The centerpiece of the collection is Gen. Kidd’s "Custer Valor Medal."  The badge was designed by Custer while in the field in 1864 and produced by Tiffany & Co. to his exact specifications (the original sketch resides in the archives of the Little Bighorn Battlefield National Monument in Montana).  The young General Custer was the sole arbiter of who should receive the award and had them individually commissioned at his own expense, resulting in slight variations between the handful of known examples.  Made of 14k gold and blue enamel, it features a Maltese cross with "Custer" across the middle and the Latin motto "Tuebor" at the bottom, the motto of Custer and Kidd’s home state of Michigan meaning “I Will Defend.”  Reverse is engraved "Col. J.H. Kidd / 6th Mich. Cav."  The top of the Maltese cross morphs into a five-pointed star with a “6” representing Kidd’s 6th Michigan Volunteer Cavalry, and is suspended from a gold crossed sabers pinback by a gold cavalry ribbon. Kidd's pride in receiving the award is captured in a letter of appreciation published in the Detroit Advertiser and Tribune on June 17, 1865: “The gold in this badge is not more precious, it is not rarer, than the frankness, the generosity, the want of distrust which has always characterized your intercourse with me…The associations-Michigan Brigade Cavalry, its leader, Custer, his deeds and theirs are enough to make your gift one of inestimable value always”.

Among the other items is General Kidd’s GAR badge, of unusually high quality, made of 14k gold and with two-star, black enamel bar and 6th Cavalry hanger.  Made by Jos. K. Davison, Philadelphia, and housed in the original case.  Also a shadowbox frame, 20.5 x 24.5 in., containing a portrait of General Kidd, various buttons and insignia, and GAR reunion items including his Department of Michigan Commander’s ribbon from the 27th National Encampment, Indianapolis, 1893; Delegate’s badges from the 30th National Encampment at St. Paul, 1896, the 35th at Cleveland, 1901, and the 39th at Denver, 1905; and Department of Michigan badges from Buffalo, 1897, and Chicago, 1900.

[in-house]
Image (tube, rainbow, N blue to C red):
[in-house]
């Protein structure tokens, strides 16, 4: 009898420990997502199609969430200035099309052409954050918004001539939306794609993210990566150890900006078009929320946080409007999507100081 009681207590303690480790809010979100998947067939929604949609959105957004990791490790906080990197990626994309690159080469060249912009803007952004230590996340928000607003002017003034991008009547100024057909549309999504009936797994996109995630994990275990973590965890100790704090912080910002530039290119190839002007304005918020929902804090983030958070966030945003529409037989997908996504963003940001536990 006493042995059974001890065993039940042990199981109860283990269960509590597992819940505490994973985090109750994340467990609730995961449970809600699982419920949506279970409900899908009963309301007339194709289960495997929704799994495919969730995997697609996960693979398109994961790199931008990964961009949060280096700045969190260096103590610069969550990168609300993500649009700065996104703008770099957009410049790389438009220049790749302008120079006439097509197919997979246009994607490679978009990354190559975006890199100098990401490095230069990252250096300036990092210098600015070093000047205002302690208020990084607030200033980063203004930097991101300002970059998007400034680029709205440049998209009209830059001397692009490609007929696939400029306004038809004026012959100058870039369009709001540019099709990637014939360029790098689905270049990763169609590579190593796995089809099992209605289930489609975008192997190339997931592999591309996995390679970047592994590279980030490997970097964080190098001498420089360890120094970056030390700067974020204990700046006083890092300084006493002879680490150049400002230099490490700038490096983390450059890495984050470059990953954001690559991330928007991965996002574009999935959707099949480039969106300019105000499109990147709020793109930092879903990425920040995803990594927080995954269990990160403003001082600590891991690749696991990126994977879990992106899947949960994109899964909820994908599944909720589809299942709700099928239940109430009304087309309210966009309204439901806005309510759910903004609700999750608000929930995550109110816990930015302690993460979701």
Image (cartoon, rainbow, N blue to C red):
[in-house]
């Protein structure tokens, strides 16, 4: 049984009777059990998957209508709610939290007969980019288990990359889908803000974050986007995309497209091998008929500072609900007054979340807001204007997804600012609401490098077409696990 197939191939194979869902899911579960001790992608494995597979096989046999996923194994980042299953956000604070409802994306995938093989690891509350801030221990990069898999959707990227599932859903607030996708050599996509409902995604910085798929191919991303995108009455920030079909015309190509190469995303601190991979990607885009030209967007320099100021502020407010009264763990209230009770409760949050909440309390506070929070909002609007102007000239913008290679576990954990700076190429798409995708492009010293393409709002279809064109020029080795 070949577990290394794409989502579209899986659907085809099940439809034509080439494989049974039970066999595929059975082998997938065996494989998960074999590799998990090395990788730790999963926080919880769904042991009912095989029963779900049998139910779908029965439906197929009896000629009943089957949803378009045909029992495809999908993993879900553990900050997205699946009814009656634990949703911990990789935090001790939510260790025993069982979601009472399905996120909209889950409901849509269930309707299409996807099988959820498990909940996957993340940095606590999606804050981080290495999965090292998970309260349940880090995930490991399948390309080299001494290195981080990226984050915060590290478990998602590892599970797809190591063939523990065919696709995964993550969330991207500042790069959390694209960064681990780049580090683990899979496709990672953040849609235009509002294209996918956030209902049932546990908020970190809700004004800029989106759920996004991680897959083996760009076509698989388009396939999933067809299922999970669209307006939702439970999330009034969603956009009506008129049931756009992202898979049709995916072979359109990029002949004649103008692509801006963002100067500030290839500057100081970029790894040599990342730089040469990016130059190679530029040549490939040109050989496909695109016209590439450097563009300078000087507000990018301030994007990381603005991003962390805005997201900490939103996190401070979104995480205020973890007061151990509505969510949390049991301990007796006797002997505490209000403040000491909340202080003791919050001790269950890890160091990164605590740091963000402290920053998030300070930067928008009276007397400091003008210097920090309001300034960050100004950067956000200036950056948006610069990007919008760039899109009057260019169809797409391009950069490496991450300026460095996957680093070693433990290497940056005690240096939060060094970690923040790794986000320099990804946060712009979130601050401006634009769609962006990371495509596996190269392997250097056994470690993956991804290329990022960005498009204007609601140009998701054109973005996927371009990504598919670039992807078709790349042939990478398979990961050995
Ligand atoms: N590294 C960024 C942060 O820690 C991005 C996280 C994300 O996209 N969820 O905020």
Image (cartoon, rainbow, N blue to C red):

Complementing the physical medals is an oil on canvas Civil War service escutcheon with hand-painted depictions of the medals and featuring a detailed record of Kidd’s service, including a list of all engagements, attachments, and promotions, the shoulder straps and insignia of his various units and ranks, and the Great Seal of Michigan at center, housed in period frame, 33 x 38 in. overall.  Kidd’s medals are at bottom, including the GAR badge and the Custer medal offered as part of this lot, as well as the medal of the Military Order of the Loyal Legion of the United States and the Army of the Potomac. Between these is a transcript of a letter written by General Custer to Michigan Governor Blair, endorsing Major Kidd for promotion to Colonel of the 6th Michigan Cavalry. Dated June 3, 1864, it reads in part, “Michigan cannot boast of a more gallant and efficient officer than Major Kidd, and I am confident that his appointment as Colonel of the 6th would not only produce entire satisfaction in his regiment, but would serve to increase the high but well-earned fame of the Michigan Cavalry Brigade.”

Finally, a Springfield Armory-made general officer's sword. 

[1] James H. Kidd. Personal Recollections of a Cavalryman with Custer's Michigan Cavalry Brigade in the Civil War. Ionia, MI: Sentinel printing company, 1908. p 8. Accessed via https://babel.hathitrust.org/cgi/pt?id=yale.39002002938232;view=1up;seq=17 on May 3, 2016. 

[2] Kidd, 45. 
[3] Jeffery D. Wert. “George Armstrong Custer: Between Myth and Reality,” Civil War Times, March/April 2006. Accessed via http://www.historynet.com/george-custer on May 3, 2016. 
[4] Wert, “George Armstrong Custer: Between Myth and Reality.” 
[5] Kidd, 132.

Provenance:Descended Directly in the Family of Brevet Brigadier General James H. Kidd

Estimate: $80,000 - $100,000
Price Realized Including Buyer's Premium